It’s very easy to complicate things. This is especially true in business, where we tend to make even the simplest of activities much harder than they have to be. We can so easily get hung up on over analyzing data and implementing complex processes that we oftentimes forget the essential rules of running a good business.

Because of this realization, I live by and advise business owners across the country to follow what I call the “Four Rules of Business.” I believe that if a business and the people in it can follow these guidelines, they will be in the top 10 percent in their industry, and definitely ahead of their competition.

Rule #1: Be on time, every time. I have no idea why we find it so hard to arrive on time these days, but I’m seeing more and more people show up late and then simply apologize, as if that makes it all better. Being on time is the simplest of responsibilities. When you are consistently tardy, it shows others that you are unreliable and lack consideration and respect for their time and the commitment you made.

Rule #2: Do what you say you will do. One of the quickest ways to lose trust is to tell someone you’ll do something and then not follow through. Businesses are constantly guilty of this because people overcommit, don’t follow up or simply don’t care. Next time you tell someone you’ll do something, be sure that you can do it — or don’t say it. If you find yourself unable to do what you promised, immediately connect with the person to whom you made the promise and discuss it with them. Do not just ignore it —you’re the one that loses, not them.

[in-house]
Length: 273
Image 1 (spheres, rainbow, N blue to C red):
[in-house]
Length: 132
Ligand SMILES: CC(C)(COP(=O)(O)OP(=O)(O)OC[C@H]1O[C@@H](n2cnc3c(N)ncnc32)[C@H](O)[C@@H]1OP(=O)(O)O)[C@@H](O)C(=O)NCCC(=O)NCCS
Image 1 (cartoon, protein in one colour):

Rule #3: Finish what you start. Yeah, sort of like the last rule but with a twist. How many half-read books do you have? This one deals with a powerful edge called consistent execution. We all have started something then stopped to work on something else, only to find ourselves with even more work piling up. I say, “If you touch it, finish it.” Power through the distractions of doing the small things before the big things and finish. Just finish.

Rule #4: Say and mean, “Please” and “Thank you.” This is my favorite rule. As a society, we have lost many of the common courtesies that create loyalty between us. You, like me, have walked into a store and heard, “Welcome to (fill in the blank)” or left a store with someone saying, “Thank you for coming in today,” all without ever making eye contact or looking in your general direction. It’s not enough to say the words. You have to mean them, too.

Four rules. Seems easy. It’s not. But I’m betting that if you write these down and refer to them often, you will soon recognize your own improvement and before long will be operating in that top 10 percent of businesses — and the top 10 percent of people, for that matter.

Andy Bailey is lead entrepreneur coach with business coaching firm Petra and serves as the entrepreneur organization’s global membership director. Visit his blog at for more business and leadership insight.

This story was originally published in The Tennessean.